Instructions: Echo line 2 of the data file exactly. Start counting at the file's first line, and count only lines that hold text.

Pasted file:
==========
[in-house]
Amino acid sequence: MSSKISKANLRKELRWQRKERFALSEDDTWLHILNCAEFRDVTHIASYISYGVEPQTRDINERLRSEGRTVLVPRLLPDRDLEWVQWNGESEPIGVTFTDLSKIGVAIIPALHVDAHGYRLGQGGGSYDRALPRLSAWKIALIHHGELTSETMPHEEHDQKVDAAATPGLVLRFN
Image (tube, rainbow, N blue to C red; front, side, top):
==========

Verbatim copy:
Amino acid sequence: MSSKISKANLRKELRWQRKERFALSEDDTWLHILNCAEFRDVTHIASYISYGVEPQTRDINERLRSEGRTVLVPRLLPDRDLEWVQWNGESEPIGVTFTDLSKIGVAIIPALHVDAHGYRLGQGGGSYDRALPRLSAWKIALIHHGELTSETMPHEEHDQKVDAAATPGLVLRFN